Could early man write?
The oldest surviving writings are inscriptions on a stone tablet from the Uruk period (3300 – 3100 BC). The original is from Kish and was in the Irak Museum. [i]
But what about before that date? Could early man write?
We are told by ‘popular history’ that mankind spent thousands of years passing on historical stories by word of mouth and by implication would include exaggeration and legend.
The first part of the Bible is included in this assumption, but looking at Genesis 5:1 we see it differently, because it states:
This is the written account of Adam’s line…”
‘Written account’ is a written document.
There is every possibility that Adam from the very beginning kept records of passing days, years, life story and other things.
But what did he write on?
The Mangyan tribe in the Philippines used bamboo shoots to carve their script on [ii].
The ancient Tamils of South India used palm leaves [iii].
Here is a list of materials that have been used for writing on:
Palm leaf (Borassus), Ola leaf (Corypha umbraculifera), Birch bark (Betula), Papyrus (Cyperus papyrus), Bamboo and wooden slips, Paper, Amate Trema micrantha, Ficus aurea, Parabaik (Streblus asper), Samut khoi (S. asper), Kraing (Morus bark).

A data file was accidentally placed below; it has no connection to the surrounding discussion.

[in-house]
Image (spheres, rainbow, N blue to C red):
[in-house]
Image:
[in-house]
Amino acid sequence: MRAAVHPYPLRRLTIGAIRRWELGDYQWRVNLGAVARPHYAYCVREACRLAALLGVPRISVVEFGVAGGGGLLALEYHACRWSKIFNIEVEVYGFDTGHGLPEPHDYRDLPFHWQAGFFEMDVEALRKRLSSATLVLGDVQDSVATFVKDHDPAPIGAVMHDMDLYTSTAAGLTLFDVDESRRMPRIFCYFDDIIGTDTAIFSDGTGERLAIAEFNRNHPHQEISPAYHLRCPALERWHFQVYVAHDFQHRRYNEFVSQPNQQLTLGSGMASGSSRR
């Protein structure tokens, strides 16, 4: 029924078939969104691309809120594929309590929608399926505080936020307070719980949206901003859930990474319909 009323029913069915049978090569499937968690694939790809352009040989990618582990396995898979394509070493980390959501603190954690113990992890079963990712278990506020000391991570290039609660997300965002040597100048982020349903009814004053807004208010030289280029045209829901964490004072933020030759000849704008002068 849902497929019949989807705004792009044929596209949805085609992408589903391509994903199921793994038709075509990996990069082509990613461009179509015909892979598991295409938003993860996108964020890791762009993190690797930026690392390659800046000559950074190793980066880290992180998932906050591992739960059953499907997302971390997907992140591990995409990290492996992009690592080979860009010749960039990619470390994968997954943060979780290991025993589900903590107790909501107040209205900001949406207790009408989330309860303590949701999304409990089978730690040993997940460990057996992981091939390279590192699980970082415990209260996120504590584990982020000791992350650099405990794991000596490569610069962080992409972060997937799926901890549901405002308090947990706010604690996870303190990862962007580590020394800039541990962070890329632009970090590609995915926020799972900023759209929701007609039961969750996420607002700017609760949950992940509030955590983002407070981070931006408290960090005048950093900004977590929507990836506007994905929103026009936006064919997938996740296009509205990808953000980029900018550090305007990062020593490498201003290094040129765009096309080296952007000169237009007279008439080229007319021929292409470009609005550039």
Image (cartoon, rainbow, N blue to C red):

Clay tablet, Wax tablet, Intaglio, Stone, Animal skin Parchment, Vellum, Oracle bone, Silk text, Geoglyph (large drawing on the ground). [iv]
But how long do these things survive for?
Surprisingly, palm leaf manuscripts can be kept for up to 400 or 500 years in a dry environment, [v] but nowhere near as long where there was any humidity.
Had Adam, Cain and others written on palm leaves, or something similar?
Did Moses have a stack of these deteriorating records and did he copy them to form Genesis 1 to 5?
Had Noah, Abraham and others written down their stories onto parchments that had deteriorated by Moses’ time?
I believe that Moses had lots of ageing, deteriorating documents that he was able to read and then from those, write what we now know as Genesis.
[i] Babylonian Culture and Tablets (opens in a new window)
[ii] The Culture and Art of the Mangyan by: Jericho Paul Santos (opens in a new window)
[iii] Palm manuscript image (opens in a new window)
[iv] Wikipedia (opens in a new window)
[v] Endangered Archives Programme, British Library (opens in a new window).